Overview

Brief Summary

The galah (Eolophus roseicapilla) is a small pink and grey cockatoo, 24-40 centimetres in length and 227-380 grams in weight. The sexes look alike, but the eyes of the male are dark brown, while those of the female are pinkish-red. It is the most widespread and abundant of the Australian cockatoos and is found throughout the interior areas of the Australian mainland. The original habitat of the galah was chiefly inland semi-arid shrublands and drier coastal areas to the north. The birds were typically found along watercourses with suitable nesting and roosting trees.

Galahs are sociable birds, often seen in flocks of more than 100 individuals. Flocks of up to 2,000 have also been recorded. They forage mostly on the ground for seeds. Hollows in living or dead eucalypts trees near a water source are used for nesting. When hollows are scarce, galahs will also use cliffs or steel pipes used for gate posts.

Public Domain

Supplier: Bob Corrigan

Trusted

Article rating from 0 people

Default rating: 2.5 of 5

Ecology

Habitat

Habitat and Ecology

Systems
  • Terrestrial
Creative Commons Attribution Non Commercial Share Alike 3.0 (CC BY-NC-SA 3.0)

© International Union for Conservation of Nature and Natural Resources

Source: IUCN

Trusted

Article rating from 0 people

Default rating: 2.5 of 5

Life History and Behavior

Life Expectancy

Lifespan, longevity, and ageing

Maximum longevity: 40 years (captivity) Observations: One specimen lived 40 years in captivity (Flower 1938).
Creative Commons Attribution 3.0 (CC BY 3.0)

© Joao Pedro de Magalhaes

Source: AnAge

Trusted

Article rating from 0 people

Default rating: 2.5 of 5

Molecular Biology and Genetics

Molecular Biology

Barcode data: Eolophus roseicapilla

The following is a representative barcode sequence, the centroid of all available sequences for this species.


There are 5 barcode sequences available from BOLD and GenBank.

Below is a sequence of the barcode region Cytochrome oxidase subunit 1 (COI or COX1) from a member of the species.

See the BOLD taxonomy browser for more complete information about this specimen and other sequences.

TCGGACCGCCCTAAGCTTGCTCATCCGCGCAGAACTCGGYCAGCCAGGAACCTTACTAGGAGACGACCAAATTTACAATGTAATCGTTACTGCCCATGCTTTCGTAATAATCTTTTTCATAGTAATACCAATCATAATCGGAGGATTTGGGAACTGACTGGTGCCCCTTATAATTGGTGCTCCCGATATAGCATTCCCACGCATAAACAACATAAGCTTCTGGCTCCTCCCTCCCTCCTTCCTTCTCCTACTAGCCTCATCCACAGTTGAGGCCGGAGCAGGTACAGGGTGAACTGTCTACCCACCCCTAGCCGGAAACCTAGCCCATGCTGGAGCATCAGTAGACCTAGCTATTTTTTCCCTCCATTTAGCAGGTGTATCTTCCATCCTAGGAGCTATCAACTTCATCACCACTGCCATTAACATAAAACCACCCGCCCTATCACAATATCAAACCCCACTATTTGTTTGATCTGTCCTCATTACCGCCGTGCTACTTCTACTATCCCTCCCAGTCCTAGCTGCTGGCATTACCATACTCCTCACAGACCGTAACCTAAACACCACATTCTTTGACCCCGSAGGAGGAGGAGACCCAGTCCTATACCAACACCTCTTCTGATTCTTTGGTCACCCAGAAGTATACATCCTCATCCTCCCTGGATTCGGAATCATCTCACATGTAGTA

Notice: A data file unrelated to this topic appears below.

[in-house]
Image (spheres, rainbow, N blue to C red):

-- end --

Download FASTA File

Creative Commons Attribution 3.0 (CC BY 3.0)

© Barcode of Life Data Systems

Source: Barcode of Life Data Systems (BOLD)

Trusted

Article rating from 0 people

Default rating: 2.5 of 5

Statistics of barcoding coverage: Eolophus roseicapilla

Barcode of Life Data Systems (BOLDS) Stats
Public Records: 8
Specimens with Barcodes: 10
Species With Barcodes: 1
Creative Commons Attribution 3.0 (CC BY 3.0)

© Barcode of Life Data Systems

Source: Barcode of Life Data Systems (BOLD)

Trusted

Article rating from 0 people

Default rating: 2.5 of 5

Conservation

Conservation Status

IUCN Red List Assessment


Red List Category
LC
Least Concern

Red List Criteria

Version
3.1

Year Assessed
2012

Assessor/s
BirdLife International

Reviewer/s
Butchart, S. & Symes, A.

Contributor/s

Justification
This species has an extremely large range, and hence does not approach the thresholds for Vulnerable under the range size criterion (Extent of Occurrence <20,000 km2 combined with a declining or fluctuating range size, habitat extent/quality, or population size and a small number of locations or severe fragmentation). The population trend appears to be increasing, and hence the species does not approach the thresholds for Vulnerable under the population trend criterion (>30% decline over ten years or three generations). The population size has not been quantified, but it is not believed to approach the thresholds for Vulnerable under the population size criterion (<10,000 mature individuals with a continuing decline estimated to be >10% in ten years or three generations, or with a specified population structure). For these reasons the species is evaluated as Least Concern.

History
  • Least Concern (LC)
  • Least Concern (LC)
  • Least Concern (LC)
  • Lower Risk/least concern (LR/lc)
  • Lower Risk/least concern (LR/lc)
  • Lower Risk/least concern (LR/lc)
Creative Commons Attribution Non Commercial Share Alike 3.0 (CC BY-NC-SA 3.0)

© International Union for Conservation of Nature and Natural Resources

Source: IUCN

Trusted

Article rating from 0 people

Default rating: 2.5 of 5